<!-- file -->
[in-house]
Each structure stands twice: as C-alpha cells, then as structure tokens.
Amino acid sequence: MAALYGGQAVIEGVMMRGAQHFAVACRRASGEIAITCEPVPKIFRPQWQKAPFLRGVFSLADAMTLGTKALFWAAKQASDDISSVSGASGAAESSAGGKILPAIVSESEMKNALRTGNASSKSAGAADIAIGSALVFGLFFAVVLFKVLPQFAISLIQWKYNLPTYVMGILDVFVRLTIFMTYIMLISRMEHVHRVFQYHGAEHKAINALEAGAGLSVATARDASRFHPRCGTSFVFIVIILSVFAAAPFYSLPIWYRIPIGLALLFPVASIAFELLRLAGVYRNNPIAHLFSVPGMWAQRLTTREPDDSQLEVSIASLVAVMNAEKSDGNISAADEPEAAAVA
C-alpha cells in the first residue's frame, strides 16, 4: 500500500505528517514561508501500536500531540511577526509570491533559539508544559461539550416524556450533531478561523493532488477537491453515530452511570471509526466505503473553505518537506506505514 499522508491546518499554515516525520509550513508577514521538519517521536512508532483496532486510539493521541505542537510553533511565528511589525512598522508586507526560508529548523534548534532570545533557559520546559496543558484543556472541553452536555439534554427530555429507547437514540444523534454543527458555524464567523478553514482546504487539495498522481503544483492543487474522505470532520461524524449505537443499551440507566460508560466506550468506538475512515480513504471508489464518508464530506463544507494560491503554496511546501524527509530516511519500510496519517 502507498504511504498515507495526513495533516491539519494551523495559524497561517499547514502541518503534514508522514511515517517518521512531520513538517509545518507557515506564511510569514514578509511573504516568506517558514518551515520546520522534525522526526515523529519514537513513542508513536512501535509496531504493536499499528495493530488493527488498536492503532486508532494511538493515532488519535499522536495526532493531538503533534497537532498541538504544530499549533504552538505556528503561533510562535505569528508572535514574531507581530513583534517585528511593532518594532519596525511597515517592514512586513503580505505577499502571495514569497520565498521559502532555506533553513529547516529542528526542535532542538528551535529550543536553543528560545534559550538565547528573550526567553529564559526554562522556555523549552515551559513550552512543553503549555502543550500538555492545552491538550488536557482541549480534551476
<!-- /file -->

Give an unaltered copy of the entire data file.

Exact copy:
[in-house]
Each structure stands twice: as C-alpha cells, then as structure tokens.
Amino acid sequence: MAALYGGQAVIEGVMMRGAQHFAVACRRASGEIAITCEPVPKIFRPQWQKAPFLRGVFSLADAMTLGTKALFWAAKQASDDISSVSGASGAAESSAGGKILPAIVSESEMKNALRTGNASSKSAGAADIAIGSALVFGLFFAVVLFKVLPQFAISLIQWKYNLPTYVMGILDVFVRLTIFMTYIMLISRMEHVHRVFQYHGAEHKAINALEAGAGLSVATARDASRFHPRCGTSFVFIVIILSVFAAAPFYSLPIWYRIPIGLALLFPVASIAFELLRLAGVYRNNPIAHLFSVPGMWAQRLTTREPDDSQLEVSIASLVAVMNAEKSDGNISAADEPEAAAVA
C-alpha cells in the first residue's frame, strides 16, 4: 500500500505528517514561508501500536500531540511577526509570491533559539508544559461539550416524556450533531478561523493532488477537491453515530452511570471509526466505503473553505518537506506505514 499522508491546518499554515516525520509550513508577514521538519517521536512508532483496532486510539493521541505542537510553533511565528511589525512598522508586507526560508529548523534548534532570545533557559520546559496543558484543556472541553452536555439534554427530555429507547437514540444523534454543527458555524464567523478553514482546504487539495498522481503544483492543487474522505470532520461524524449505537443499551440507566460508560466506550468506538475512515480513504471508489464518508464530506463544507494560491503554496511546501524527509530516511519500510496519517 502507498504511504498515507495526513495533516491539519494551523495559524497561517499547514502541518503534514508522514511515517517518521512531520513538517509545518507557515506564511510569514514578509511573504516568506517558514518551515520546520522534525522526526515523529519514537513513542508513536512501535509496531504493536499499528495493530488493527488498536492503532486508532494511538493515532488519535499522536495526532493531538503533534497537532498541538504544530499549533504552538505556528503561533510562535505569528508572535514574531507581530513583534517585528511593532518594532519596525511597515517592514512586513503580505505577499502571495514569497520565498521559502532555506533553513529547516529542528526542535532542538528551535529550543536553543528560545534559550538565547528573550526567553529564559526554562522556555523549552515551559513550552512543553503549555502543550500538555492545552491538550488536557482541549480534551476